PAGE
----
Mildread

you devilish delight
always looking for a fight
all for law
and order
made sure
no one crossed your border
capped
and ready to rule
over the best
cuckoo’s finest
captured in your nest

~R.I.P. Louise Fletcher

Featuring: James Carter

Today I’m featuring a jazz musician who isn’t that well known amongst many jazz lovers but to me this saxophone beast is as good as any of the famous players.
He has a very rebellious and sometimes humorous way of playing and is never boring. An effusive, dynamically gifted jazz saxophonist I can listen to for hours and hours, for days on end…

James Carter was born on January 3 1969 in Detroit , Michigan, and learned to play under the tutelage of Donald Washington, becoming a member of his youth jazz ensemble Bird-Trane-Sco-NOW!! As a young man, Carter attended Blue Lake Fine Arts Camp, becoming the youngest faculty member at the camp. He began playing at age 11 and studied early on with trumpeter Marcus Belgrave. A prodigy, he progressed quickly. He first toured Scandinavia with the International Jazz Band in 1985 at the age of 16. At age17 he joined Wynton Marsalis on tour.

On May 31, 1988, at the Detroit Institute of Arts (DIA), Carter was a last-minute addition for guest artist Lester Bowie, which turned into an invitation to play with his new quintet (forerunner of his New York Organ Ensemble) in New York City that following November at the now defunct Carlos 1 jazz club. This was pivotal in Carter’s career, putting him in musical contact with the world, and he moved to New York two years later. Carter issued no less than six recordings under his own name between 1993 and 2000, all of them with different focuses, from a set of standards, Conversin’ with the Elders in 1995, to an electric funk record, Layin’ in the Cut, to a simultaneously released set in tribute to Django Reinhardt, Chasin the Gypsy. Three years later, he honored the legendary Billie Holiday with Gardenias for Lady Day.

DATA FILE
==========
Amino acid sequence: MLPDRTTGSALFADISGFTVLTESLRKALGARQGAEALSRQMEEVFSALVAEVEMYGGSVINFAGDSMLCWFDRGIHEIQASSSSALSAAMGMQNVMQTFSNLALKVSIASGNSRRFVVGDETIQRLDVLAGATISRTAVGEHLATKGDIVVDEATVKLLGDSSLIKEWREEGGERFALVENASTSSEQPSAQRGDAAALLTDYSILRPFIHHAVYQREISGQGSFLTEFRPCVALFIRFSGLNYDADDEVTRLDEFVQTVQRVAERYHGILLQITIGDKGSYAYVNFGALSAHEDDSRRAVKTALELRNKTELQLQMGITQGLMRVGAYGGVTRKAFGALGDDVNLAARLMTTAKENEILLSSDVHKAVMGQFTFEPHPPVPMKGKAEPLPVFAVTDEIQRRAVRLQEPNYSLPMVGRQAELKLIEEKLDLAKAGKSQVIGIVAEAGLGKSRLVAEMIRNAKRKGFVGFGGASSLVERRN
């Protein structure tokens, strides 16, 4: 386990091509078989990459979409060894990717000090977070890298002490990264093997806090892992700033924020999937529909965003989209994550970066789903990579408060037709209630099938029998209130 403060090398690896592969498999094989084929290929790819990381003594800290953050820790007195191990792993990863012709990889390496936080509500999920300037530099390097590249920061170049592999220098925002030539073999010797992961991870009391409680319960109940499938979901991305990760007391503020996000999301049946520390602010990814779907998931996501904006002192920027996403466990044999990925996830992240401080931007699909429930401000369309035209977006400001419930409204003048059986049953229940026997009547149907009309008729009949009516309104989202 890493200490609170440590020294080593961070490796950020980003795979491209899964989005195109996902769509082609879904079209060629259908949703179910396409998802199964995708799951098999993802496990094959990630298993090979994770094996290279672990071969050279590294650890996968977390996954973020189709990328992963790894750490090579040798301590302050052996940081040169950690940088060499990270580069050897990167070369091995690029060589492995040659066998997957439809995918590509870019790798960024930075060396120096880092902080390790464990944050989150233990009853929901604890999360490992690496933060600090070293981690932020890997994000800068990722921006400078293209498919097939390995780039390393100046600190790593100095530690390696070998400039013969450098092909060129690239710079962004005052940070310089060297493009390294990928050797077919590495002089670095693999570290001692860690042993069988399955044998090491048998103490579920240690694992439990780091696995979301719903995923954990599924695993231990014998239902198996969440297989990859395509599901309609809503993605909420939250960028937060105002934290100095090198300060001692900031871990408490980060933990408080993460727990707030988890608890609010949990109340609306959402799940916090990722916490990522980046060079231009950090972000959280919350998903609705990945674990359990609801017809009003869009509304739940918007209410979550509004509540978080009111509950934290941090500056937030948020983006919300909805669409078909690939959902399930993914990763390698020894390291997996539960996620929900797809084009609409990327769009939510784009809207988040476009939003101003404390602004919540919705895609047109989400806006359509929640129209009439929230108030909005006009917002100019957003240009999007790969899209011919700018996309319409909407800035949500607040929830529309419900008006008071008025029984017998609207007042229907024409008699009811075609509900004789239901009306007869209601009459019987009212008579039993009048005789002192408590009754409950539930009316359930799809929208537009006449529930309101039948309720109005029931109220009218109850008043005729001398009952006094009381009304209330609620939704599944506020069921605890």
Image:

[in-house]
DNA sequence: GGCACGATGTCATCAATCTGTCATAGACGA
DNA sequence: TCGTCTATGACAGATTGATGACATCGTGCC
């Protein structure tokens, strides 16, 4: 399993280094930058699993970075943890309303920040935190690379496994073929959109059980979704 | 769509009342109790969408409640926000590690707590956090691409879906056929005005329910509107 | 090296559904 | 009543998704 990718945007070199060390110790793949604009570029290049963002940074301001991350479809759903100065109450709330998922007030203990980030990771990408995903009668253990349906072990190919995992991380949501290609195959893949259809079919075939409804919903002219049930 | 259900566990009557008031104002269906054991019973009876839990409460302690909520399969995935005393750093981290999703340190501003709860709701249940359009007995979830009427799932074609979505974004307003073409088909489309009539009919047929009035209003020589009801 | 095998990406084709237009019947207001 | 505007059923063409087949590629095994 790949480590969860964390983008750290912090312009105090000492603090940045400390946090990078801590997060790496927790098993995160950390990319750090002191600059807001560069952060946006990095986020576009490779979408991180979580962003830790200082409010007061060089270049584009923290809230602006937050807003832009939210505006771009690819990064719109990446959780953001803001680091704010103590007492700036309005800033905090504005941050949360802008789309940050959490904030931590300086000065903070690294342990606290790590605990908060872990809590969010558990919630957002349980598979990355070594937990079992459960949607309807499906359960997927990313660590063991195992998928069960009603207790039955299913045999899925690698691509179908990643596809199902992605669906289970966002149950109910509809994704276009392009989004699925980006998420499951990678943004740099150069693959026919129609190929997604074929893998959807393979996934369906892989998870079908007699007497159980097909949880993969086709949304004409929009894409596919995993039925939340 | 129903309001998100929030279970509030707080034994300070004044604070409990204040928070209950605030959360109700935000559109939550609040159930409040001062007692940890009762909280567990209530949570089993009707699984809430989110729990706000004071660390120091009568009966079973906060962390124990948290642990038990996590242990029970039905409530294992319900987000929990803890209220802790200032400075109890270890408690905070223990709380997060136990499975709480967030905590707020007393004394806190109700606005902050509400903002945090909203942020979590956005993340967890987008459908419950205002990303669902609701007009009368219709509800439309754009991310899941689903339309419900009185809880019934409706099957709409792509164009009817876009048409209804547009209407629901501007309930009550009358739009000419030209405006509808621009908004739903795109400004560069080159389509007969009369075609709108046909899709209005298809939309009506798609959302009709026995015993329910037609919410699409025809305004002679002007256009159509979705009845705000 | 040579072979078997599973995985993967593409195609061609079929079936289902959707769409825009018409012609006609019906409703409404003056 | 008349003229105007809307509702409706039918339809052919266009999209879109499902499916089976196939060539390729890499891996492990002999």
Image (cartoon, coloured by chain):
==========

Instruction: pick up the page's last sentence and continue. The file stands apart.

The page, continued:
He has been prominent as a performer and recording artist on the jazz scene since the late 1980s, playing saxophones, flute, and clarinets. On his album Chasin’ the Gypsy (2000), he recorded with his cousin, the jazz violinist Regina Carter.

Carter has won DownBeat magazine’s Critics and Readers Choice award for baritone saxophone several years in a row. He has performed, toured and played on albums with Lester Bowie, Julius Hemphill, Frank Lowe & the Saxemble, Kathleen Battle, the World Saxophone Quartet, Cyrus Chestnut, Wynton Marsalis, Dee Dee Bridgewater and the Mingus Big Band.

Carter is an authority on vintage saxophones, and he owns an extensive collection of such instruments, including one formerly played by Don Byas.

“One of the most charismatic and powerful soloists in jazz,” per the New York Times, Carter harbors a command of his instruments that is astonishingly complete, though he only employs that technique in the service of canny ideas. Even when he appears on the verge of shattering his horn, overblowing rapid-fire lines to otherworldly effect, he’s evoking early jazz, jump blues, the avant-garde and other lessons residing inside his vast, scholarly knowledge of the music of the African-American experience.

Check him out (or not):

Sources: Wikipedia, YouTube, interweb, poetpas

Writers tears

His heart danced upon her movements like a cork upon a tide. He heard what her eyes said to him from beneath their cowl and knew that in some dim past, whether in life or revery, he had heard their tale before.

~James Joyce

Telephone 📞

often left
hanging
alone
wired
to a box
you used to listen to
many hellos
laughter
sadness
lies
and frequent goodbyes
whilst swallowing
coins
for money
used
and put down
you life saver
a sacRED shelter
in every other street
in town

~image by Simon Gradwell